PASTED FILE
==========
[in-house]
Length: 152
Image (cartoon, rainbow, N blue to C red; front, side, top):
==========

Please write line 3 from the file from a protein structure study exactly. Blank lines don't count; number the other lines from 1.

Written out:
Image (cartoon, rainbow, N blue to C red; front, side, top):